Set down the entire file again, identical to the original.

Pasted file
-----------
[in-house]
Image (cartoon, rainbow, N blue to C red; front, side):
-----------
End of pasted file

[in-house]
Image (cartoon, rainbow, N blue to C red; front, side):